1.
A set is:
Correct Answer
B. Well-defined collection of objects
Explanation
A set is a well-defined collection of objects. This means that a set must have clear and unambiguous criteria for determining whether an object belongs to the set or not. It cannot be vague or subjective. The objects in a set are referred to as elements of the set. Therefore, a set is a well-defined collection of objects where each object is an element of the set.
2.
The symbol ∈ means:
Correct Answer
C. Is an element of
Explanation
The symbol "∈" is used in set theory to indicate that an element belongs to a set. It represents the concept of membership, indicating that the element is part of the set.
3.
For larger sets:
Correct Answer
A. The description method is used, and it is more convenient
Explanation
The correct answer is "the description method is used, and it is more convenient." This means that for larger sets, the description method is utilized because it is considered to be more convenient. This suggests that the description method is preferred and offers advantages over other methods when dealing with larger sets.
4.
Z = {. . . ,−2,−1, 0, 1, 2, . . .} is the set of integers.
Correct Answer
A. True
Explanation
The statement is true because the set Z includes all integers, which are whole numbers both positive and negative, as well as zero. It is represented by the ellipsis notation, which indicates that the set continues indefinitely in both the negative and positive directions. Therefore, the given statement accurately describes the set of integers.
5.
N = {0, 1, 2, 3, . . .} is the set of integers.
Correct Answer
B. False
Explanation
The statement is not entirely accurate. The set N = {0, 1, 2, 3, ...} is typically used to represent the set of non-negative integers or whole numbers. It includes zero and all positive integers. However, it does not include negative integers. To represent the set of all integers, you would use Z = {..., -3, -2, -1, 0, 1, 2, 3, ...} which includes both positive and negative integers, along with zero. So, N represents non-negative integers, while Z represents all integers.
6.
All elements of all the sets under discussion belong to some universal set or universe.
Correct Answer
A. True
Explanation
This statement is true because in set theory, all sets are considered to be subsets of a universal set. The universal set contains all the elements that are being discussed in the context of the sets. Therefore, all elements of all the sets under discussion do indeed belong to some universal set.
7.
The empty set is the set containing no elements.
Correct Answer
A. True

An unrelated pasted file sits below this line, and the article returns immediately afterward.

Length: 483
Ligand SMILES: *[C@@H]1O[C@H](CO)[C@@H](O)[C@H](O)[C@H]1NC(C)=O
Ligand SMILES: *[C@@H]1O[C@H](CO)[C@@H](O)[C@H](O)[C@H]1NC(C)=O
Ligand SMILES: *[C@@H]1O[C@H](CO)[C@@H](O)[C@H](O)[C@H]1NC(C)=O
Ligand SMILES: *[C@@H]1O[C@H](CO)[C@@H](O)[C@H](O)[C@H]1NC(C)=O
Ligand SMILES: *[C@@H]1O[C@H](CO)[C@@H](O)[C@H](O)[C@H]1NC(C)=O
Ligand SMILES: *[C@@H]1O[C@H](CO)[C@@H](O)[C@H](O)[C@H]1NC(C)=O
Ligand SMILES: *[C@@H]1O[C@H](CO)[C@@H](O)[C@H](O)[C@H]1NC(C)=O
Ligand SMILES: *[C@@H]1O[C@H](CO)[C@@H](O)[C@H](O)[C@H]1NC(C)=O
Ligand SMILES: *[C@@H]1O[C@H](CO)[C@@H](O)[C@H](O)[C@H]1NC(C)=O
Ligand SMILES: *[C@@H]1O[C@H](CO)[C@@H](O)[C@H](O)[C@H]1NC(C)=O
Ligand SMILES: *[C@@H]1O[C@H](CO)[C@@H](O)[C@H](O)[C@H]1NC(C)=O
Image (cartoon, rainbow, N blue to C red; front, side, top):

Explanation
The empty set, also known as the null set, is a set that does not contain any elements. It is denoted by the symbol Ø or {} and is considered a subset of every set. Therefore, the statement "The empty set is the set containing no elements" is true.
8.
Let A and B be sets. A equals B, written A=B, iff every element of A is also an element of B, and conversely, every element of B is also an element of A.
Correct Answer
A. True
Explanation
The statement is true because it accurately defines the concept of set equality. According to the definition, two sets A and B are equal if and only if every element in A is also in B, and vice versa. This means that if A equals B, then any element that belongs to A must also belong to B, and any element that belongs to B must also belong to A. Therefore, the correct answer is true.
9.
Theorem. There is only one empty set, i.e., only two empty sets are equal.
Correct Answer
A. True
Explanation
This statement is true because the empty set is a unique set with no elements. It is defined as a set that contains no elements, and by definition, there can only be one set that meets this criteria. Therefore, there is only one empty set and any other set that is empty is equal to it.
10.
Let A and B be sets. Then A=B iff A belongs to B.
Correct Answer
B. False
Explanation
The statement "A=B iff A belongs to B" is not entirely accurate. The symbol "iff" stands for "if and only if," which implies a bidirectional or equivalence relationship. In set theory, "A=B" means that sets A and B have the same elements, but it doesn't imply that A belongs to B or vice versa.
If A belongs to B, it would mean that A is an element of B, not that A is equal to B. Likewise, if A is equal to B, it means that A and B have the same elements, but it doesn't necessarily mean that A is an element of B. Therefore, the statement "A=B iff A belongs to B" is not true in general for sets.